In the past decade or two, internet has played an important role to expose truths and bring more transparency (Wiki leaks, Hillary Clinton’s emails etc) to the world. If censorship is to be practiced, it should be done on more rational, democratic lines. No doubt the countries that heavily sensor the Internet are the ones with one or other form of authoritarian governments. Here we need to promote openness and condemn irrational censorship. Any steps to increase transparency should be welcomed. But there are certain grey areas where we need to take censorship with a pinch of salt as its application might not be always right or always wrong. To conclude, censorship is integral to maintain our democracy, culture and to uphold our freedom but it should be done in moderation and on rational lines.


Indian Tiger Vs. Chinese Dragon

China and India, two fast growing economies in the world with largest and second largest populations respectively, have all eyes on them. The world looks to the east and sees the sun rise on these two nations. But the relationship between two economies has been competitive and complicated at its very best. Armed with a communist/authoritarian regime, China plays by rules much different than those of India. While the intellectuals vehemently spoke of the benefits of a dictatorship and that a dictator would be able to get more out of its populace in forms of taxes and labor and thus give rise to a richer economy, India held democracy close to its heart and managed to prove that the road to growth does not have to be stained with the blood of its people.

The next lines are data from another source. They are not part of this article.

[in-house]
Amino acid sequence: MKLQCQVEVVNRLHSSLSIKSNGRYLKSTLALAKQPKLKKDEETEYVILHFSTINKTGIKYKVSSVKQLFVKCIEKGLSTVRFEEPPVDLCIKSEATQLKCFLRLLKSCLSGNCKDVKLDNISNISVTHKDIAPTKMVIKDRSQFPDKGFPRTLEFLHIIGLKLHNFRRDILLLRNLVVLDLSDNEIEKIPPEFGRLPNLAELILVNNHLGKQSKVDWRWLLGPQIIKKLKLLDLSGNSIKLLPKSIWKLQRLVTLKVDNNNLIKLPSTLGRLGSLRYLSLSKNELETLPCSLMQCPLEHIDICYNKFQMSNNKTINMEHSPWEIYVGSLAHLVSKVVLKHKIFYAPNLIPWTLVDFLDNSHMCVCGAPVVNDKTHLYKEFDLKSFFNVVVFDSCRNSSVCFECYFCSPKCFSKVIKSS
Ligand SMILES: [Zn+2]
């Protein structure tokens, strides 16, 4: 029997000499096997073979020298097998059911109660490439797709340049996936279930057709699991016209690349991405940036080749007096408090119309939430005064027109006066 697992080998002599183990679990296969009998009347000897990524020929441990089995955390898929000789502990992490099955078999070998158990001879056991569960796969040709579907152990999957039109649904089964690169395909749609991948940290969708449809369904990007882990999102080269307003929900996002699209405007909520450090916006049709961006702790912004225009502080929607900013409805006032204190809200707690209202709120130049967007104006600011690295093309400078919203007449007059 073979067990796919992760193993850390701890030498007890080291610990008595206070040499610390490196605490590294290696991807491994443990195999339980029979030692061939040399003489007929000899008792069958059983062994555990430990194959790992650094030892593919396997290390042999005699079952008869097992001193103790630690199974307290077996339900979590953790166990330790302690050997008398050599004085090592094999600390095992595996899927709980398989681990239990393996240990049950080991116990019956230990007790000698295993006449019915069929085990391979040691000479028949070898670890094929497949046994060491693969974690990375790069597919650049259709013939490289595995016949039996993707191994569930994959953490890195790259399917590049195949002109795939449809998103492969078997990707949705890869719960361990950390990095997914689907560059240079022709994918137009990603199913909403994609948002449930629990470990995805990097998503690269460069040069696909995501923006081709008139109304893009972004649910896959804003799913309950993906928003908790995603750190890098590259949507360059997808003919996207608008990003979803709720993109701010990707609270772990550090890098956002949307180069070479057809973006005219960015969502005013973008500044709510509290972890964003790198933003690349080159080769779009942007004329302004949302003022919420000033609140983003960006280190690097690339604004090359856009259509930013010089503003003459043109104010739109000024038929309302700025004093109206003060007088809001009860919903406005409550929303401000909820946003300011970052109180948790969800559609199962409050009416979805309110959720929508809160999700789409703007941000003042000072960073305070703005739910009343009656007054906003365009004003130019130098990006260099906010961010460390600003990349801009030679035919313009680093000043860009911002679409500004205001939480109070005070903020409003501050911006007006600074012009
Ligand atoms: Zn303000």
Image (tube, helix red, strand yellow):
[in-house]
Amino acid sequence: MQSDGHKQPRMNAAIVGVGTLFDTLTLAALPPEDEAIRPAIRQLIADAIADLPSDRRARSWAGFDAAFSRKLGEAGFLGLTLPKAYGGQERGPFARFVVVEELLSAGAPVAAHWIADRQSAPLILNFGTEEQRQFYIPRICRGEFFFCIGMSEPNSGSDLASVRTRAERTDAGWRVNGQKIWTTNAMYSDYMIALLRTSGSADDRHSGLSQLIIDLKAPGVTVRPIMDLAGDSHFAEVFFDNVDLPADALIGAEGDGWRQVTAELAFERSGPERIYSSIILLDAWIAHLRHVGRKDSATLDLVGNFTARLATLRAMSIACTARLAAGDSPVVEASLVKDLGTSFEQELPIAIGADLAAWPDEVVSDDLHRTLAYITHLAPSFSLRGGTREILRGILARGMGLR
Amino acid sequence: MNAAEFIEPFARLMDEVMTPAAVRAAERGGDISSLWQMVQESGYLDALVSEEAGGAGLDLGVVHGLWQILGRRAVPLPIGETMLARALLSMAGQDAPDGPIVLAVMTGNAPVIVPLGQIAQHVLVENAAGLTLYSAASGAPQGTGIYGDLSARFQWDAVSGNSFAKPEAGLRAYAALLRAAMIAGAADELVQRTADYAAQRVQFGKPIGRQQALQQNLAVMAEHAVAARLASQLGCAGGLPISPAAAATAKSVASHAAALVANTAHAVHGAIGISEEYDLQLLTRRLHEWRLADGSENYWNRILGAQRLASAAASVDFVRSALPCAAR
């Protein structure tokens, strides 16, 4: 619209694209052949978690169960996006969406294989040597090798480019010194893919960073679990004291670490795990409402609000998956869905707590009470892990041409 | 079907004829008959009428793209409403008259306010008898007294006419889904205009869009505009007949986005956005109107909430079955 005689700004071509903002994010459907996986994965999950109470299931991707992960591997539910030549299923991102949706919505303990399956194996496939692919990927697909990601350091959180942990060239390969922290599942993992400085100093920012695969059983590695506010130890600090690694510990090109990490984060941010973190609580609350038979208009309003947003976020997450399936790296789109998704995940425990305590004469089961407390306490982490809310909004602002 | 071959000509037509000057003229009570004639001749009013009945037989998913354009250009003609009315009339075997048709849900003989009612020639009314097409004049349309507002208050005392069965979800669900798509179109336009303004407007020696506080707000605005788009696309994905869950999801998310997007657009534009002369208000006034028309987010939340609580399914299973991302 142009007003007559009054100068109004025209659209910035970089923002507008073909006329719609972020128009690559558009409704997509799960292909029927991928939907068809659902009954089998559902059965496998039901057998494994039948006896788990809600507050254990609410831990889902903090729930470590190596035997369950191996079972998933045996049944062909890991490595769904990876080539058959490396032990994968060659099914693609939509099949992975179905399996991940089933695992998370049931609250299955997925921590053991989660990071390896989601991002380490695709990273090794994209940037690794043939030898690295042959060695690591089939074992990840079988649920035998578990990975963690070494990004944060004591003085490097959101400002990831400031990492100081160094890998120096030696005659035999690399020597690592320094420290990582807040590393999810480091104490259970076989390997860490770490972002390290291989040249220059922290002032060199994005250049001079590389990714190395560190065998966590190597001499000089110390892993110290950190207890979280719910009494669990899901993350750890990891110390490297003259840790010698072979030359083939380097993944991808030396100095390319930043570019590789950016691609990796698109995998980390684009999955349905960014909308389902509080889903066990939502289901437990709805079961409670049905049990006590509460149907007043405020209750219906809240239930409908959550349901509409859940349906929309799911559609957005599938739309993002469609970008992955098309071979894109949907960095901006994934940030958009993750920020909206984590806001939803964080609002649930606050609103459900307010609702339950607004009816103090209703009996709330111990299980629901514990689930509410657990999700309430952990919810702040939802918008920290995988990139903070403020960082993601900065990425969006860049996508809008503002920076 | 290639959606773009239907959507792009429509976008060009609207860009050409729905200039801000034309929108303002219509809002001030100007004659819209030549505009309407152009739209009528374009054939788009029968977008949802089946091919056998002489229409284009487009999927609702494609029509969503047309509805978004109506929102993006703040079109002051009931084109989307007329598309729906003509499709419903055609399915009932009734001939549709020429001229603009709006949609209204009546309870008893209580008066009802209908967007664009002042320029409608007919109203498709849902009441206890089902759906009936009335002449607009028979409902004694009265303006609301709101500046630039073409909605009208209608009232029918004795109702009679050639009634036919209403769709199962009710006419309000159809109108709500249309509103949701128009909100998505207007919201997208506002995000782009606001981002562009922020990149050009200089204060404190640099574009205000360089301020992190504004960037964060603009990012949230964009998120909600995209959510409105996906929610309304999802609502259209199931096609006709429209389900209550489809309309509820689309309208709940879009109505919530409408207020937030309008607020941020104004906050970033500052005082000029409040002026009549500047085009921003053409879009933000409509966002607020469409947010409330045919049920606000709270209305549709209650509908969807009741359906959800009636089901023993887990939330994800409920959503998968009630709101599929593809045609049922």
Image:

Today India’s GDP stands at approx 6% of World GDP, while that of China stands at approx 16% of World GDP. But the difference can be accounted for. While the Chinese dragon started breathing fire in 1980, Indian tiger started roaring around early 1990s. Given the head start and the repressive regime policies, Chinese economy soared high. But now the times are a-changing. Recently the IMF forecast predicted that Indian economy will grow faster than that of China in the next fiscal year. Though Chinese economy is already much bigger than that of India and this comparison doesn’t really matter, it is a good news for India. We might not be there yet but the signs are showing good times ahead and India seems prepared to grab the silver lining.